What’s in store for optical biosensors? Part 1

Article By : Ian Chen, Maxim Integrated

Optical sensors represent the most common type of biosensor. This two-part series provides a technical background on how optical techniques are used for bioanalytical applications.

Optical sensors represent the most common type of biosensor. This two-part series provides a technical background on how optical techniques are used for bioanalytical applications. This article provides an overview on using reflectometry for a pulse plethysmograph (PPG) waveform and describes the physical and physiological principals at work. Part 2 looks at common noise and error sources affecting optical sensors in mobile and wearable applications, including the effects of confounders from the environment captured in the measurement and the physiological variations among the user population. It also provides a summary of current capabilities of wearable biosensors and the future direction of optical biosensing applications.

Overview: optical biosensing

Optical methods are among the most common approaches to biosensing for plants and animals. For example, remote sensing equipment from satellites routinely use reflectance quality to determine the greenness and stresses of vegetation. Nurses clamp pulse oximeters on their patients’ fingertips as a regular part of taking vital signs prior to doctor visits.

This wide range of applications reflect the versatility of optical sensing, Light, coherent or non-coherent, interacts with matter it passes through and becomes absorbed, reflected, scattered, dispersed, or otherwise altered. Scientists can examine the magnitude and shape of light pulses, their spectral contents, and polarization to derive information about the analytes in the media the light pulses traversed.

This article focuses on the second of our aforementioned examples, using a photoplethysmogram (PPG) to monitor blood flow in real time.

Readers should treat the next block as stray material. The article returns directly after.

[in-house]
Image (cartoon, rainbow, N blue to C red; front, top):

Real-time blood-flow monitoring via PPG

A plethysmogram is a volumetric measurement. As blood flows, a cardiovascular pulse wave goes from the heart and propagates through the body, periodically distending the arteries and arterioles in the subcutaneous tissue. PPG uses a light to interrogate tissue. Because blood in the tissue absorbs more light than the surrounding tissue, a reduction in the amount of blood results in an increase in the intensity of the light reflected back, or backscattered.

Depending on the relative positions of the light source and the photodetector, two configurations are possible for PPG: transmissive absorption and reflection. In a transmissive configuration, the light source and the sensor are on directly opposite sides of the tissue. In a reflective arrangement, they could be on the same side. Reflective configurations take advantage of the light-scattering effect of body tissue, which the following section discusses.

Although PPG is normally performed using a finger clip in clinics and hospitals, it is possible to obtain a valid PPG signal in many other body locations, so long as there is easy access to tissue rich with blood vessels, especially when using a reflective configuration. Examples include the forehead, the outer ear canal, the areas around the bicep or calve muscles, and even the area around a wrist. Some of these alternate locations allow sports equipment and wearable devices to incorporate PPG sensors with varying successes, as the second part of this series will explain.

[Continue reading on EDN US: Optical measurement through tissue ]

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